Unsteady combustion of solid propellants: Simplified kinetics modeling

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Abstract

Simplified kinetics will continue to play an important role in computational simulation of solid propellant combustion for the foreseeable future, particularly in simulating unsteady combustion. The first part of this article reviews some recent progress made in connection with the Multi-disciplinary University Research Initiative (MURI) on solid propellant combustion instability with regard to simplified kinetics modeling for steady and particularly unsteady combustion. For homogeneous energetic materials (HMX and NC/NG) simplified kinetics combustion models have developed to the point that macroscopic generic features (e.g., burning rate, temperature, reactant, product) can be described within the modeling approximations and a priori predictive capability is a reasonable expectation. For composite propellants, however, ability to describe essential macroscopic behavior of even steady burning-for example, burning rate sensitivity to pressure and initial temperature-is still limited by lack of understanding of kinetics. The second part of this paper reviews MURI program progress in measuring pressurecoupled frequency response function Rp which is the primary quantity for comparison between experiment and theory for unsteady combustion. The de facto standard method for measuring Rp in the U.S. still appears to be the T-burner. Several other techniques for measure Rp are being developed; however, the results by various techniques show significant variation in the results for the same propellant at the same conditions. There is still a need for new techniques that are quick, inexpensive, use small amounts of material, and have high spectral resolution. The main feature of measured pressure-responses for both homogeneous and composite propellants is a broad, low-frequency, solid-phase thermal relaxation response peak which occurs around a non-dimensional frequency of Ω ~ 5 to 20. For Ω < Ec/RTs the response of various propellants at various pressures are correlated fairly well by the non-dimensional frequency Ω, which is based on quasi-steady (QSHOD) theory. The significance of Ec/RTs is that this is the value of Ω where the quasi-steady assumption (specifically, the quasi-steady condensed phase decomposition zone) assumption breaks down. For Ec ~ 40 kcal/mol (HMX), EcRTs - 25. For Ec - 20 kcal/mol (AP), Ec/RTs ~ 12. Thus breakdown of quasi-steady conditions begins near the response peak or at just slightly higher Ω-values.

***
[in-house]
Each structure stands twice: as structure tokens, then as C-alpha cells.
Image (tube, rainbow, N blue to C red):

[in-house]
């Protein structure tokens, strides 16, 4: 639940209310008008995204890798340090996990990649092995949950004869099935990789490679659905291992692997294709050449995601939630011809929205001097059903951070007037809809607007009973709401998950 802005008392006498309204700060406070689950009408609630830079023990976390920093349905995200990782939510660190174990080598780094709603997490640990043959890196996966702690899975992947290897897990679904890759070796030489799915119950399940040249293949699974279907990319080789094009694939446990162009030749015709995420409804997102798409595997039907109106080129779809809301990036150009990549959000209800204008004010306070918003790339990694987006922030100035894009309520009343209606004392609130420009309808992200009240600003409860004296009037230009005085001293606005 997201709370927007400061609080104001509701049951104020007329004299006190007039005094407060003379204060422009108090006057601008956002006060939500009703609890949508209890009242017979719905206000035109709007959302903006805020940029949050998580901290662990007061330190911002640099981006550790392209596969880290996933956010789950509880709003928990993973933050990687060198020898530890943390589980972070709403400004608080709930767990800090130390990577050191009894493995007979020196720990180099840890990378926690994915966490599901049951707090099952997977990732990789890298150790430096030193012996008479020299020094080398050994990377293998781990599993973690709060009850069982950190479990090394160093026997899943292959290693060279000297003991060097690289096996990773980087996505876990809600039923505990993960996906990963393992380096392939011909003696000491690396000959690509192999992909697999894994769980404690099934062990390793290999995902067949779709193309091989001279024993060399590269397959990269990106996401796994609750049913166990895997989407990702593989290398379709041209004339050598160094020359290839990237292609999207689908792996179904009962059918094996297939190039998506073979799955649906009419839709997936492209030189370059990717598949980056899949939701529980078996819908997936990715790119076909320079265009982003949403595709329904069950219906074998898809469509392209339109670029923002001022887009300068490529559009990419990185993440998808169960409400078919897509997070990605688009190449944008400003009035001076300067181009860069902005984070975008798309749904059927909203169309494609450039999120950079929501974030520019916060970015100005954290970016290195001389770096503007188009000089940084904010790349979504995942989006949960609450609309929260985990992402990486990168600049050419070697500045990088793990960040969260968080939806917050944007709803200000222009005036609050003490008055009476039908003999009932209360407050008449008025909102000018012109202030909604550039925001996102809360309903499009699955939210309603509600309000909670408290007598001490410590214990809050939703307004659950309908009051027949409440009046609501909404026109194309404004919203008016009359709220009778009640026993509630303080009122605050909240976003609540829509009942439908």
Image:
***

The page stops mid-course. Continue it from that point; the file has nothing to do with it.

Original languageEnglish (US)
StatePublished - Jan 1 2000
Event36th AIAA/ASME/SAE/ASEE Joint Propulsion Conference and Exhibit 2000 - Huntsville, AL, United States
Duration: Jul 16 2000Jul 19 2000

Other

Other36th AIAA/ASME/SAE/ASEE Joint Propulsion Conference and Exhibit 2000
CountryUnited States
CityHuntsville, AL
Period7/16/007/19/00

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ASJC Scopus subject areas

  • Space and Planetary Science
  • Energy Engineering and Power Technology
  • Aerospace Engineering
  • Control and Systems Engineering
  • Electrical and Electronic Engineering
  • Mechanical Engineering

Cite this

Brewster, M. Q. (2000). Unsteady combustion of solid propellants: Simplified kinetics modeling. Paper presented at 36th AIAA/ASME/SAE/ASEE Joint Propulsion Conference and Exhibit 2000, Huntsville, AL, United States.